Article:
In the past, “read aloud” meant ten minutes of my reading to the class followed by a few minutes of whole group student discussion. Most students had been uniformly excited about read-aloud time in the past, yet I suspected some students wished to feel less anxiety about or improve their participation in the post-reading discussion. I hoped to make it an activity in which all students participated as a means to addressing curricular content and building community.
|Make the story come alive.
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Goals for students
My read-aloud goals for this year’s
1) students will practice discussion skills, becoming more comfortable and skilled in whole-group discussion both in public speaking and active listening skills
2) students will develop a greater range of ways of responding to literature
3) students will develop a sense of collaborative learning.
Improving class culture in two basic ways
Knowing that productive, respectful discussion would be rooted in a healthy climate and strong self management skills, I took steps to improve class culture. I wanted students to be less aimless and chatty at the start of class, so I have been rigorous about meeting students at the door and greeting them individually, trying to have a brief one-to-one interaction with each student as class begins in order to build individual teacher-student relationships. Now, if I need to redirect someone, our interactions are quick and not inflammatory. I have fewer interventions because students know I see them as respected individuals. Daily relationship building has helped make this possible.
To focus on developing a positive culture around how we take care of one another, we created a Y-chart that helps students see how we all thought group work should look, feel, and sound. I hoped that students would ultimately appreciate the explicit expectations we had for one another.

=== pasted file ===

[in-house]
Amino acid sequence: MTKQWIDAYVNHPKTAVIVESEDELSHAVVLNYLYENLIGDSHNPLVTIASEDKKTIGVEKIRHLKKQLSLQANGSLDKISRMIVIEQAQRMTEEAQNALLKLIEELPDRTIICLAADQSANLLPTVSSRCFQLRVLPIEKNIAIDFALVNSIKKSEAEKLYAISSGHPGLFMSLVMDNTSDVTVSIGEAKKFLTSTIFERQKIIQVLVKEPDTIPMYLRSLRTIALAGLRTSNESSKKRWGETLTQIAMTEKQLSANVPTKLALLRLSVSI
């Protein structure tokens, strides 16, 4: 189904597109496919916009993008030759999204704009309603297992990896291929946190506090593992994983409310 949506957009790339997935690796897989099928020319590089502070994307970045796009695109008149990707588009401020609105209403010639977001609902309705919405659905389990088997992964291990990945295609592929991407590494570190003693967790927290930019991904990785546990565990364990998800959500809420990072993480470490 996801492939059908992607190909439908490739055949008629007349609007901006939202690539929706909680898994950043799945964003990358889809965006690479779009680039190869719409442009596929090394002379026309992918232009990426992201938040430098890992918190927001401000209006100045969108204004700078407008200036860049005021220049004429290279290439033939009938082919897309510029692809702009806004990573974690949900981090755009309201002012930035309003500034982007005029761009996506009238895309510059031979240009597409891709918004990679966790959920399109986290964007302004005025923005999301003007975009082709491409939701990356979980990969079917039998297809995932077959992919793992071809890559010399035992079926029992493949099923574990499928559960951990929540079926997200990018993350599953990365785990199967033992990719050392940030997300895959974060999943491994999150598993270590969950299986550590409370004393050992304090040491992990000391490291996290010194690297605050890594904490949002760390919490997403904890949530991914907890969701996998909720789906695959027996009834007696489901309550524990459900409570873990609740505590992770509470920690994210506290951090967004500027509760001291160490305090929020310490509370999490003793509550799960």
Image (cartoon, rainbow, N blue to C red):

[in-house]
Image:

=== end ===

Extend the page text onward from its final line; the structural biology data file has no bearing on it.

On the chart, we decided to include:
Look: eye contact, focus on work
Sound: appropriate tone of voice, positive responses to my interventions, participation in discussions through various types of student contributions (questions, inferences, literal vs. abstract thinking, vocabulary), and student reflections of the effectiveness of various discussion structures
Feel: inclusive behaviors, intellectual tolerance among students
I was impressed by students’ willingness to brainstorm ideas. Although it seems an elementary procedure, some students seem to appreciate the reminders, and students always volunteer ideas.
Students took leadership in some directions I hadn’t anticipated. For example, students suggested forms of discussion not on my Developmental Designs list! Some suggested using a chalk talk. I wrote a question on the board. After students silently reflected, they added their own ideas to the board and drew lines to illustrate connections among the ideas. Chalk talk became an effective tool for talking about visually rich essays.
As I gave leadership to students for planning and reflecting on read alouds, more reluctant speakers came forward.
When I looked at the data for one student in particular, whose vocabulary level and academic performance concerned me, I noticed that, over the fall, her read-aloud contributions grew in range and depth. Last year, she rarely spoke up, and when she did, it was to ask for definitions. She was reluctant to contribute to discussion due to shyness regarding her comprehension and the faster speed with which her peers interpreted text and verbalized ideas.
I held quick conferences with her to offer her a variety of strategies for participating in the read-aloud discussion. After a conference about how it was OK to offer an opinion at any point in a discussion, and how an opinion usually isn’t right or wrong, she appeared to become a little more comfortable. She has begun to verbalize connections, express opinions, and even wonder aloud! Watching her also led me to make an adjustment for the whole group: After asking them a question, I started providing “think time” for my students before opening the discussion.
Having peers adopt the mantle of valuing varied voices and expecting all to speak changed the reluctant speaker’s mode of participation. The implication for my students is that they grow more fully into complex thinkers in a more democratic and nurturing environment. I am very excited to see this potential avenue for growth.
Notes deepen discussion
I have documented read-aloud discussions. With these notes, I have been able to guide students, by reminding them of what they said, toward improving their discussions. I would like to have students use the notes to reflect on the content of the discussions as a group or perhaps to have individuals reflect on their own contributions.
Developing this teaching goal within the Developmental Designs 1 graduate credit process created a deep sense of accomplishment. I identified specific questions, goals, and outcomes, and then worked to realize my plan. Given the fast pace of each school day, the lack of public support for teachers, and the slow nature of deep growth, this has been valuable. Enjoying my students more makes me a happier and better teacher.
Rachel Hayashi teaches seventh and eighth graders at Heath School in Brookline, Massachusetts.